foundational to instructional success
in STEAM-focused, problem-based
Another common obstacle is a lack
of resources and materials, and I’m
obviously not referring to textbooks
and worksheets. If possible, leaders
should budget for appropriate supplies
and materials, but schools can also
make a coordinated effort to collect
and organize a range of household
disposables that can be repurposed
for projects. Plastic water bottles, egg
cartons, bottle caps, paper towel or
toilet paper tubes, bubble wrap, glass
jars—all of these can be useful. If
budgeting doesn’t allow for tools and
equipment, parents and local business
partners are usually enthusiastic to
donate hand tools, safety glasses, work
gloves, and even power tools such
as drills and saws. Creating room for
a makerspace or innovation lab—or
even just encouragement for teachers
to do so—can also be helpful.
Teachers should be given opportunities to attend educational conferences and visit nearby STEAM-focused
schools. It may not be feasible to send
entire faculties, but selected individuals can host teacher workshops to
share what they learned. Most of the
ideas I share as an instructional coach,
including the ones in this article, were
learned through taking regional professional learning courses, attending
state and national conferences,
visiting established STEM/STEAM
programs and schools, and reading
Cultivating an Inventive Spirit
The possibilities of STEAM and
problem-based learning are limited
only by our fixed mindsets and
restrained imaginations. Schools
must cultivate an inventive spirit that
invites risks and welcomes failures—
and learns from both.
Although the projects I’ve highlighted may seem unconventional,
STEAM and problem-based learning
together represent a pragmatic
approach to school improvement,
offering the potential for academic
gains, collaborative and social-skills
development, enhanced communication, and increased family
engagement. I can attest from my
own experiences that the benefits are
substantial, but they can only be
realized by courageous educators
who not only dream of transforming
learning in their schools but also are
intrigued by and embrace the
challenge of change. EL
Blair, D. (2009). The child in the garden:
An evaluative review of the benefits of
school gardening. Journal of Environmental Education, 40( 2), 15–38.
Hackathorn, J., Solomon, E. D., Blank-meyer, K. L., Tennial, R. E., & Garc-zynski, A. M. (2011). Learning by doing:
An empirical study of active teaching
techniques. Journal of Effective Teaching,
11( 2), 40–54.
Han, S., Capraro, R., & Capraro, M. M.
(2015). How science, technology,
engineering, and mathematics (STEM)
project-based learning (PBL) affects
high, middle, and low achievers differently: The impact of student factors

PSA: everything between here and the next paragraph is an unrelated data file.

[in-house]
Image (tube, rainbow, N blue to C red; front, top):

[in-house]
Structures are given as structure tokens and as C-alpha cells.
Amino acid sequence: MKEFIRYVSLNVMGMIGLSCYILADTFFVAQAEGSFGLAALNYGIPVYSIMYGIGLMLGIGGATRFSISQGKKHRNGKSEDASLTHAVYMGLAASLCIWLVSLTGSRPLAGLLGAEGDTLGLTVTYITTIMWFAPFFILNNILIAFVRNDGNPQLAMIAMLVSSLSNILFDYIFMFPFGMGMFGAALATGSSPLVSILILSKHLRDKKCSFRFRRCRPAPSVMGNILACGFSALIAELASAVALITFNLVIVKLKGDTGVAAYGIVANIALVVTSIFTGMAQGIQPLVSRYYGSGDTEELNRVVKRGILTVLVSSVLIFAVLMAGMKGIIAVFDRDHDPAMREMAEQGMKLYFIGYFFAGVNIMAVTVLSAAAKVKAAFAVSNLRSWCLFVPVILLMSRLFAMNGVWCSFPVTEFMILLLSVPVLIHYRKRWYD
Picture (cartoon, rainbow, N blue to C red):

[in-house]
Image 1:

on achievement. International Journal
of Science and Mathematics Education,
13( 5), 1089–1113.
Pink, D. H. (2009). Drive: The surprising
truth about what motivates us. New York:
Wirkala, C., & Kuhn, D. (2011). Problem-based learning in K– 12 education: Is
it effective and how does it achieve its
effects? American Educational Research
Journal, 48( 5), 1157–1186.
Charlie Harper ( harper.charles@mail.
fcboe.org) is a district-level instructional
coach for science in Fayette County,
Georgia. He is currently working toward
a doctorate degree in educational
leadership at Georgia State University.
These simple hands-on activities can
offer rich interdisciplinary learning
opportunities for elementary and
middle grade students.
n Use the engineering design
process to design and construct
a gingerbread house. (Instead of
a traditional holiday craft, this can
become a fully integrated STEAM
n Design and build bird houses,
feeders or a bird reserve, observatory, or aviary. The Great Backyard
Bird count ( http://gbbc.birdcount.org)
is another way to encourage
n Construct a lasting work of
environmental art that provides
ongoing learning experiences, such
as a terrarium, bog, or bat house.
n Use cinematography, graphic
design, or web design to create a
public service announcement or
run a public awareness campaign
addressing a current issue.
n Plan and prepare a single meal
that meets predetermined criteria
(drawing from specific learning
standards) and stays within a given
n Submit a field trip proposal and
plan every aspect of the trip, from
transportation and admission costs
to parent permission slips.
n Build a first aid or supply kit for
a Civil War soldier based on the
technology of that time.
n Watch the inspiring video
“Caine’s Arcade” (http://
cainesarcade.com) and then have
students design and create their
own games for a school arcade.